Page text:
Gordon Yellowman, Sr signingGordon Yellowman, Sr., Yellow Hawk, is the grandson of Josie Limpy, former Sacred Hat Keeper of the Northern Cheyenne, and great-great-grandson of Chief Sharp Nose and nephew of Josephine White former Sacred Pipe Keeper of the Northern Arapaho Tribe. Gordon’s father the late Everett Yellowman, Spotted Skunk, served as a Chief Sundance Priest for 35 years and member of the Council of Forty-Four, the traditional Chiefs and Peacemakers of the Cheyenne. As a young boy, Gordon was taught by his grandparents, parents, and elders the traditional values of the Cheyenne and the Arapaho. Gordon received the honor of being selected as one of the Cheyenne Chiefs at the age of 16. Today, Gordon continues to serve as a Cheyenne Chief. He has also worked for the Cheyenne and Arapaho Tribes of Oklahoma since 1979, continuing his education at Oklahoma State University in Architectural Technology, and currently serves as the tribe’s Transportation Planner.

Gordon is an artist, guest museum curator, and exhibit consultant. He incorporates the Old Cheyenne and Arapaho ledger art style into his unique contemporary ledger art style. Cheyenne’s ledger art represents a significant transition from drawing/painting on buffalo hides to a paper medium. The art training and experience of Gordon includes research and study of Cheyenne Ledger Art. He works in various media including acrylics, technical illustration pens, prism colors, and watercolors. Gordon has been a juried artist in the Red Earth Art Festival since 1994.

He won the Red Earth ‘2000 First Place Award in the miniatures division for his miniature ledger book, titled Chief Yellowman’s Ledger. In one project, he worked with the Cheyenne people, and authors to produce an unprecedented book on the Dog Soldiers, including ledger book drawings as historical documents. Yellowman collectors include citizens of the U.S., Canada, Germany, Switzerland, and Poland.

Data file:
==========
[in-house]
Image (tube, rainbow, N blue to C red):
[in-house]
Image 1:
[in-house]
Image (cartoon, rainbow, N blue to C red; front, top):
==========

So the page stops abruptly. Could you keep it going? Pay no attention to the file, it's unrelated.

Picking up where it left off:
Gordon began Repatriation work in 1991 since the inception of the Native American Graves Protection and Repatriation Act (NAGPRA) of 1990 and the 1989 National Museum of the American Indian, Smithsonian Institution. Gordon was the first Cheyenne to be designated by the Cheyenne and Arapaho Tribes of Oklahoma as their NAGPRA Representative. He is a Speaker and instructor on issues dealing with sacred sites and consultation with federal agencies on cultural resources, also a member of numerous groups. He serves as a National Historic Preservation Act (NHPA) Representative for the Cheyenne and Arapaho Tribes of Oklahoma.

As a cultural advisor and consultant Gordon contributes tremendously to Museums and Federal Agencies throughout the United States.


  • Featured Artist 2005 Southern Plains Indian Museum, Anadarko, Oklahoma
  • Illustrator 2005 Jumping Mouse: Journey to Recovery Working Book, Joan Candy Fire
  • Featured Artist 2004 American Indian Art Calendar
  • Selected Artist for Book Jacket Design for “Tell Me Grandmother” by Dr. Virginia Sutter, University Press of Colorado in Boulder 2004
  • Third Place Award, Graphics/Photography 2004 Watonga Cheese/Art Festival
  • First Place Award, Graphics/Photography 2003 Watonga Cheese/Art Festival
  • Third Place Award, Graphics/Photography 2003 Watonga Cheese/Art Festival
  • Selected Artist for Design of 2003 Cancellation Stamp titled; Cheyenne Dog Soldier United States Postal Service
  • First Place Award, Digital Photography 2002 Washita Symposium Art Show
  • Second Place Award, Watercolors 2002 Washita Symposium Art Show, Cheyenne, Oklahoma
  • Artist, 2002-03 Native Art Show, University of Oklahoma Sam Noble Oklahoma Museum of Natural History, Norman, Oklahoma
  • Selected Artist, for Design of State Highway Sign, Logo “Cheyenne Heritage Trail” Oklahoma Department of Transportation and Oklahoma Department of Tourism.
  • Juried Artist, 1994-2003 Red Earth Indian Art Festival, Oklahoma City, Oklahoma
  • Master Artist, 2nd Annual 2001 Red Earth Master Show
  • First Place Award, Miniatures Division 2000 Red Earth Indian Art Festival, Oklahoma City, Oklahoma
  • Featured Artist, 19th Annual 2001 Exhibition of the Gallery of the Plains Indian
  • Featured Artist, Mabee Guerrer Center/Museum in Shawnee, Oklahoma, 1999
  • Featured Artist, Plains Indian Museum in Woodward, Oklahoma, 1994
  • Book Jacket Artist/Design for “The Eagle Catcher” by Margaret Coel, University Press of Colorado in Boulder 1995
  • Illustrator, University of Oklahoma School of Social Work Publication, 1981
  • Best of Show, Watonga Art Festival, 1978
  • Commissioned by the City of Watonga to paint a mural for the City Hall Building, 1978

Gordon Yellowman, Sr.
Cheyenne and Arapaho Tribes of Oklahoma
P.O. Box 137
Concho, Oklahoma 73022
(405) 262-4794 ext. 205
Toll Free: 1-866-CAROADS